# Scratch Detection On Noisy Textured Surface    I wish to extract long thin scratches from the noisy background image.I have tried several ways such as stacking smoothed image with input image to remove some of the noisy background patch before applying blob detection filtering on those images to get the long thin scratch. However, overkill will happen due to the noisy background patches.

Any good suggestion or guidance on other things to try?

I tried PHOT (suggested by @applesoup) using the unofficial implementation given under https://github.com/thinkng but it did not work for these image sets. Maybe one needs to further investigate or tweak the algorithm a bit.

First, if you have sufficient amount of data, I do not believe that one could easily outperform a good deep architecture in the task of texture defect classification. The literature is full of these data driven methods. Some examples are here: , , , , .

However, due to limited amount of data, I tried a classical approach which seems to output somewhat acceptable results. In essence, the method involves:

1. Compute the multi-scale difference of Gaussian (DoG) image. Call this $$D=\{D_i\}$$, where $$D_i$$ is a single DoG: $$D_i = I * g_i^1 - I*g_i^2$$ where $$I$$ is a single channel input image and $$g_i^1$$ and $$g_i^2$$ are two Gaussian kernels with $$\sigma_2>\sigma_1$$. $$*$$ denotes convolution. As your defects are line-like, such edge enhancement should ease the job of any subsequent analysis. The resulting DoG images look like: You could already see that the defective areas are a bit emphasized. I show here only one of the scales, whereas multi-scale convolutions form a scale pyramid (see scale-space theory). That is what $$D$$ is.

1. Perform a curve (line) detection on this DoG pyramid $$D$$ by using the algorithms provided in one of my previous responses. The raw response of such a subpixel line detector on a single level of the hierarchy: Even though the images are messy and cluttered by many false positives, the lines we are looking for seem to be there. I avoid showing all the detected lines as this would severely harm the perception.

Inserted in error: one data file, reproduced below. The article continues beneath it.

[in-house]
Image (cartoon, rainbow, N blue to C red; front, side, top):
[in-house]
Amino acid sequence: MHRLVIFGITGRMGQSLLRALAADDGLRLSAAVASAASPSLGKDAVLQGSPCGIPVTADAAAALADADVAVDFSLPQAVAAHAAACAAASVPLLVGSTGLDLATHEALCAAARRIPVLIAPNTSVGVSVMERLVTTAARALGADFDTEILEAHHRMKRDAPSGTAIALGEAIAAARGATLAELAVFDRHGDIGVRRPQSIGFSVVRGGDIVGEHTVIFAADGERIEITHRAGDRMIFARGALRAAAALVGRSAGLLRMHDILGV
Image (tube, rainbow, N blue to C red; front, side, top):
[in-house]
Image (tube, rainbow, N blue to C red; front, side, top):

1. The final stage is to filter these curvilinear structures to arrive at the desired scratches. While many filtering techniques can be used, I just let the lines that are long enough survive. The output after all these stages looks like: This is not ideal, but probably close to what you have been looking for. I also did not spend much time to tune the parameters.

Note that this approach is solely based upon a geometric modeling of the problem. For different types of scratches these assumptions won't hold. Nevertheless, I thought it might be a good starting point.

One approach would be to compute the Phase Only Transform (PHOT) of your image, i.e., set the magnitude of the discrete Fourier transform (DFT) to unity .

It is computed as follows. First compute the DFT of the input image: $$A(x,\,y) = \text{DFT}\left\{x,\,y\right\}=\sum_{j=0}^{N-1}\sum_{k=0}^{N-1}a(j,\,k)\cdot \text{exp}\left(\frac{-i2\pi}{N}\cdot(uj+vk)\right),$$

then compute the amplitude-normalized DFT: $$A_\text{PHOT}(x,\,y) = \frac{A(x,\,y)}{\left|A(x,\,y)\right|},\qquad(2)$$

and compute the inverse DFT: $$a_\text{PHOT}(x,\,y) = \sum_{j=0}^{N-1}\sum_{k=0}^{N-1}a_\text{PHOT}(j,\,k)\cdot \text{exp}\left(\frac{i2\pi}{N}\cdot(uj+vk)\right).$$

As described in , the process of normalizing the DFT magnitude in Eq. (2) removes regularities from the input image and makes sudden changes stand out. Basically, this is an alternative to the computation of the prediction error of an autoregressive (AR) model. By thresholding the PHOT, it may be possible to detect the desired artifacts in your images.

For me, the PHOT performed much better than computing the AR prediction error - however, your results may vary as my field of application was audio signal processing.

### References

 D. Aiger, H. Talbot, The Phase Only Transform for Unsupervised Surface Defect Detection, IEEE Computer Society Conference on Computer Vision and Pattern Recognition, 13-18 June 2019, San Francisco, CA, USA, DOI: 10.1109/CVPR.2010.5540198.